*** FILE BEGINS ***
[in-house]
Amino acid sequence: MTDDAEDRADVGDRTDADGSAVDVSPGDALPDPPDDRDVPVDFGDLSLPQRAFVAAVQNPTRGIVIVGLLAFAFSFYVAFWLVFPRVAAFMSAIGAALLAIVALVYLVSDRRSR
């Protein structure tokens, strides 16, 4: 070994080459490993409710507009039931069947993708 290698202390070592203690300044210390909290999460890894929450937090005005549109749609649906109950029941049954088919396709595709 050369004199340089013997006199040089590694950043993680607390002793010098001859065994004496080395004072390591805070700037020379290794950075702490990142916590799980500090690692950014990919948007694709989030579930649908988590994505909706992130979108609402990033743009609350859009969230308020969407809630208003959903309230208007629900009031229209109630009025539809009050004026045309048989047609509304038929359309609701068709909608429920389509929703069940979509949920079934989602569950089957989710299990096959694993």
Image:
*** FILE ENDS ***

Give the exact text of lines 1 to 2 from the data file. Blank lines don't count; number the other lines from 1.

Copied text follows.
[in-house]
Amino acid sequence: MTDDAEDRADVGDRTDADGSAVDVSPGDALPDPPDDRDVPVDFGDLSLPQRAFVAAVQNPTRGIVIVGLLAFAFSFYVAFWLVFPRVAAFMSAIGAALLAIVALVYLVSDRRSR